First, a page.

I referred a few weeks ago to the controversy surrounding recommendations for the frequency of mammograms. A conversation over the weekend reminds me that there’s a similar fog surrounding the change in guidelines for Pap guidelines, introduced about two years ago and now working its way through health insurance policies.
We used to all take for granted that our annual Pap screen was the centerpiece of our annual physical exam. In fact, many women calling my office for appointments referred to the appointment that way: “my annual Pap test.” And the prevalence of annual Pap screenings did have an effect, lowering the cervical cancer rate in the U.S. by more than 50 percent over the past 30 years, according to the American Congress of Obstetricians and Gynecologists (ACOG).
Current guidelines call for Pap screening every three to five years, depending on your age and other health conditions—and there’s a lot of agreement about that from the American Cancer Society, ACOG, the American Society for Clinical Pathology, and, likely, your insurance company.
But! This doesn’t mean that there’s no need for an annual “well-woman” visit, including a pelvic exam. Exactly what happens at each annual visit should vary according to your age and your health history. What’s common, though, in addition to updating overall health statistics, is a thorough inspection of the vulva and vagina, including palpation of the area, including the lower abdomen, rectal, and bladder regions. We’re looking for any early indication of abnormality, but if your general health is such that you wouldn’t treat a condition if discovered, no further evaluation is necessary. A clinical breast exam is also part of the annual exam.
In addition to the “clinical” part of the exam, though, there are benefits that you can especially appreciate as you navigate perimenopause and menopause. First, your body is changing, so having an annual “date” to check in on your body helps you be aware of what’s happening. When you share your observations with your provider—which I hope you do—they’ll be part of your medical record, which gives you both a view of trends over time. With our busy lives (jobs, parents, kids, grandkids, volunteer projects), without a checkpoint, we can find we’re simply adapting to changes without even being conscious of them.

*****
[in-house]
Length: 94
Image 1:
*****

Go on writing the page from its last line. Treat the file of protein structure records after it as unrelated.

And the second benefit is that, with regular communication, your health care provider can be a genuine partner in keeping you healthy—physically, emotionally, and sexually. Seeing him or her at least once a year is part of that; the other part is setting the expectation that your appointment includes answering your questions—about everything from your tennis elbow to your vaginal dryness.
If you don’t find that expectation being met, get bossy. An annual exam—and, just as important, the conversation that goes along with it—is part of managing your own health. Having a health care provider with the time, expertise, and patience to answer your questions is not too much to ask. And when you’re comfortable with and confident about your health care provider, you won’t be a stranger.